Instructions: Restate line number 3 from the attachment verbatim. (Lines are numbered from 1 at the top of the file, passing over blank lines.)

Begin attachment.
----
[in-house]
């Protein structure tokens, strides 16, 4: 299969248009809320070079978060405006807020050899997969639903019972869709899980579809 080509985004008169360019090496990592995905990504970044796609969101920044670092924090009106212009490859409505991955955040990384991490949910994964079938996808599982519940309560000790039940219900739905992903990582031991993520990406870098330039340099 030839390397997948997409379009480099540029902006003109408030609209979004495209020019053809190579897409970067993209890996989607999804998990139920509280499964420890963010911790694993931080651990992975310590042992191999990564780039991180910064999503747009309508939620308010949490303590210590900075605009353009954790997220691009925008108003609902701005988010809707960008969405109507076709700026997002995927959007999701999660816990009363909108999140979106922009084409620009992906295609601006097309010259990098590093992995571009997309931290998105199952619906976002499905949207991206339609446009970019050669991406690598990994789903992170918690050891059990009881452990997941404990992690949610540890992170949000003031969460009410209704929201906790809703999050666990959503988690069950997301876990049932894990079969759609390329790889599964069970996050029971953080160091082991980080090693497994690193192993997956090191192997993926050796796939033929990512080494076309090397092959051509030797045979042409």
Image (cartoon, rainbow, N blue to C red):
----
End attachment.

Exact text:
Image (cartoon, rainbow, N blue to C red):